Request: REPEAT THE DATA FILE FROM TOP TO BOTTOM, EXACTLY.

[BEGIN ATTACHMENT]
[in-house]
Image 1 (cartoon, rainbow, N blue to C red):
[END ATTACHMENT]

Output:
[in-house]
Image 1 (cartoon, rainbow, N blue to C red):